“I’m very sympathetic to the fact that cuts have to be made, including to neighborhood councils,” Olson said. “But I’m not sure where this (possible reductions to neighborhood councils) is going, and I’m very concerned about it.”

Linda Lucks concurs with Olson regarding the need for difficult fiscal action on council budgets and department consolidation.

“There’s no way to argue against the need to consolidate city departments during difficult budget negotiations,” Lucks, vice president of the Venice Neighborhood Council, conceded. “My concern is that the core functions of neighborhood councils not be affected.”

One of those functions is appropriating money for community projects, and that has council leaders worried. Under consideration by a council committee is a proposal to slash the annual budgets of local councils to $22,500 from their current $45,000 allotment.

“All of our projects that we have funded for this year are safe,” Olson said. “The obvious concern will be for next year.”

Redick said the city’s leaders should be mindful of the fact that those who choose to serve on their local councils do so largely out of commitment to their neighborhoods.

“I recall when the Del Rey Neighborhood Council was first starting up, after each meeting, we ‘passed the hat’ in order to help pay for the room we were renting,” the Del Rey president remembered. “Having no money at the time did not stop our desire for neighborhood empowerment, and the unfortunate financial calamity we find at City Hall will not diminish that determination.”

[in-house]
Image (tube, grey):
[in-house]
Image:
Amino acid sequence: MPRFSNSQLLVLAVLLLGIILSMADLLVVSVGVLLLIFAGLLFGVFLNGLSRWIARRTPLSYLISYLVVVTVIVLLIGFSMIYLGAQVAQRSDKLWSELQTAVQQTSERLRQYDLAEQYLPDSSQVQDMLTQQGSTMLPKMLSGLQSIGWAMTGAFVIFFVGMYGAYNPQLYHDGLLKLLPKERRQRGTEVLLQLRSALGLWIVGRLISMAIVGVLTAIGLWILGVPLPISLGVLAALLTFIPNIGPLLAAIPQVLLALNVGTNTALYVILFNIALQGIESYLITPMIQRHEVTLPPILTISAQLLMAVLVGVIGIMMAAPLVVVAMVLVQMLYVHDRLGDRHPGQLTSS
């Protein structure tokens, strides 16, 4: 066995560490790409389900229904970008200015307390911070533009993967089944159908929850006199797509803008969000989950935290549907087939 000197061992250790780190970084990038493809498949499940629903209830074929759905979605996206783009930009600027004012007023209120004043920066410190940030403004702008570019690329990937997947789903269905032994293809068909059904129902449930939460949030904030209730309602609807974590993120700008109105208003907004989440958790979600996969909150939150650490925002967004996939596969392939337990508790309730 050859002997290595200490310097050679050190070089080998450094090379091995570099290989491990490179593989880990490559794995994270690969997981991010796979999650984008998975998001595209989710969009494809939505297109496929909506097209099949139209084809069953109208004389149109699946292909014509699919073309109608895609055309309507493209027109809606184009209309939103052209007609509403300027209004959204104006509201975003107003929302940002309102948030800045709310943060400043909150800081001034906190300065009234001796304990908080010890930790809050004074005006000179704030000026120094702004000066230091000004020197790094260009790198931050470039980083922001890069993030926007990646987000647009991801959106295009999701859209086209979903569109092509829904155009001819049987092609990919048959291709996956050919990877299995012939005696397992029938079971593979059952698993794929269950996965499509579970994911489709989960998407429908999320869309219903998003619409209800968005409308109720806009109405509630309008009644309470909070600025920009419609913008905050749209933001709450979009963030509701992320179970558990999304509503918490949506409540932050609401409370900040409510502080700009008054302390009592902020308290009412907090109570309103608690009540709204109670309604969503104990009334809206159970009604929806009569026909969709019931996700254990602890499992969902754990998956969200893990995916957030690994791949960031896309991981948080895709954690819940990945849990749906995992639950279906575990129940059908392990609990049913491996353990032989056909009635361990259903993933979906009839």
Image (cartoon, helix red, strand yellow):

If DONE is folded into Community Development, Redick is concerned that the April elections for new neighborhood council members could be jeopardized. The council decided last year that the city clerk would handle the elections, instead of each individual local advisory board, as was the case in past years.

“The immediate priority is to ensure that the city clerk moves forward and holds the neighborhood council elections as scheduled,” Redick said.

There is discussion among some City Council members of going back to the old election system this year to save money, which Redick opposes.

“That would be a disaster, to say the very least,” he asserted.

Lucks shares Redick’s concerns regarding the elections.

“They need to go forward,”

she said. “To change the process back this close to the elections would really pull the rug out from under us.”

But Lucks said there could be a silver lining in Villaraigosa’s plan to merge DONE with Community Development, which she says has worked well with community members in Venice.

“They have been involved with the community quite a bit and they deal with non-profits a lot too,” Lucks noted. “So if this kick-starts the potential for us to work more with grant writers from local non-profits that can assist us with seeking grants to help us fund community projects, that could be a good thing.”

Both Lucks and Redick say they will fight any reductions to their budgets that exceed 50 percent.

“I’m not going to settle for $22,500,” Lucks vowed.

Department consolidation and cuts to neighborhood council budgets cannot be implemented without the consent of the City Council.